Tag Archive for 'development'

Tackling the Global Education Crisis, One Innovation at a Time

Whether it’s helping Mexican university students bridge the gap between industry and academia, or providing Ugandan children with basic health education programs, many teams this year have chosen to tackle the difficult problems facing the global education sector.

In recent years, social innovators have joined the ranks of talented teachers and school administrators in rethinking traditional school models, finding creative ways to improve educational quality and access.

A new policy paper by the McGraw-Hill Research Foundation might be of interest to those pursuing projects related to educational reform.

How Social Entrepreneurship is Helping to Improve Education Worldwide (available online) highlights the distinct contributions of social innovators in helping to improve early childhood education in low-income communities, creating alternate channels for funding, and providing basic skills to at-risk populations across the globe.

Author Rupert Scofield, President and CEO of the Foundation for International Community Assistance, draws from several interesting case studies that illustrate the potential for social enterprise to solve issues ranging from poor educational access to the growing achievement gap. The key to the success of these enterprises, Scofield writes, lies in their ability to effectively utilize business practices emphasizing sustainability and scalability – two important attributes of any winning IDEAS Challenge project! Here are a few examples:

In the Bronx, the Women’s Housing and Economic Development Corporation (WHEDco) not only runs multiple afterschool programs and summer camps, but has also created hundreds of revenue-generating businesses within the community, helping to ensure the continued success and long-term sustainability of its programs.

In India, where harsh inequities prevail and 90 million women remain illiterate, the Mann Deshi Foundation provides vocational training and financial literacy to women in impoverished communities. It also runs the Mann Deshi Business School, which delivers microbusiness courses in mobile classrooms, and the Mann Deshi Mahlia Bank, which provides loans for its business school graduates to start microenterprises.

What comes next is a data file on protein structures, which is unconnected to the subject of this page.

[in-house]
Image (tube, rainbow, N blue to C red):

DonorsChoose.org is a charitable marketplace where teachers can make simple classroom requests, from pencils to microscope slides, for their students. As of August 2011, the website has generated $85 million benefitting more than 5 million schoolchildren in the U.S. The website notably allows individual donors to contribute to its overhead costs (with 76% choosing to do so), and has established diverse funding streams that include multiple corporate sponsors.

We hope that these examples of powerful — and sustainable — social innovations offer a bit of inspiration for those joining the education cause!

Science, Adventure, and Service

The Guardian UK has a delightful article that describes the confluence of history, science, and adventure that turns on the story of Darwin, the redesign of the HMS Beagle, and NASA scientists today – and ways they inspire modern K-12 education. At the heart of the article is a wonderful quote, that “Inspiration, then, fuelled by adventure, was the trigger for Darwin’s lifelong commitment to science. Over the past few years the Beagle Project team has worked to bring the adventure of science back into focus.”

I think this affinity for adventure and discovery among students is a big part of what makes public service so attractive at MIT – its the opportunity for students to apply their problem-solving skills in very different and unfamiliar contexts that stretch their learning. This is exciting, and it’s also problematic, and goes to the heart of a robust debate that Bruce Nussbaum kicked off a few months back on design and the new “imperialism.” When the HMS Beagle – a very adept ten gun sloop of war of the British Navy – set out on its historic voyage nearly 180 years ago, Britain was at the apex of its colonial expansion, and the voyage marked a projection of power far more than it did a scientific endeavor.